This past weekend the reds and oranges and yellows began to appear prominently in the landscape of Berkshire County, and I'm suspecting next weekend may be our peak foliage. No matter what your physical capabilities, you should get outside for a walk or hike. There are trails for all ranges of hikers, from novice to advanced, from long treks up Massachusetts’ highest mountain (Mt. Greylock) to short loops in local state parks.
On Saturday my dog and I hiked Haley Farm Trail to the Stony Ledge overlook on Mount Greylock and back down again. It’s a little over 2 miles in each direction, and it can be fairly steep in some areas. But the view when you reach the top is amazing. There are some picnic tables, a lean-to, and a bench where hikers can enjoy the views, relax, or spend the night.
I forgot to bring my camera on my Saturday hike up Haley Farm Trail to Stony Ledge. This photo of my dog Lily is from the first week of October in 2008, same place. And, oddly enough, the leaves on the trees were not as colorful as they were on this year's hike (Sept. 25, 2010) — it seems we have an early foliage this year.
A few evenings a week, when I return from work, my dog and I head to one of our nearby state parks and take 30- to 45-minute mini hikes/walks. There is just something about the autumn air and these last few weeks of sunshine after work that is just so enjoyable and invigorating. I recommend to everyone that you head outdoors and enjoy a short walk or a heart-pumping hike in the woods in your area — I doubt you'll regret it.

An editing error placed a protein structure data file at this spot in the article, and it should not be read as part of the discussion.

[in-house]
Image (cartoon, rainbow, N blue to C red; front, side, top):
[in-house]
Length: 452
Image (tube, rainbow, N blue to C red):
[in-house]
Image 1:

Before hitting the trails, be prepared. Here are few advisory pointers from my experiences:
• Bring plenty of water. The air may have cooled off, but your body still expends moisture when exercising — you need to hydrate.
• Wear proper shoes. This will help prevent blisters, rolling your ankle, and slipping.
• Watch your footing. Acorns are everywhere this time of year — I swear I felt like I was walking on marbles in a few areas (a hard hat could be helpful too; they're still falling off the trees). Also, leaves, especially when damp or wet, can be extremely slippery. Hiking poles or a simple walking stick could prevent a serious fall.
• Know where you are. Bring a trail map, a compass, a GPS, or a cell phone. Getting lost could be a simple frustration or could turn into a frightening night in the woods. Also, tell someone where you are going.
Storey's book, The Hiking Companion, can provide you with more information on hiking preparations and precautions.
I'm sure there are more advisory points I could make, but those are the key ones that came to mind. My main advice, however, is to just get outside, get some exercise, and enjoy the fabulous colors of the fall foliage!
Here are some links to hiking trails in my corner of the Northeast:
Appalachian Mountain Club
The Northeast Guide to Mountain Adventure
Massachusetts State Parks Hiking
— Kristy L. Rustay, Marketing Manager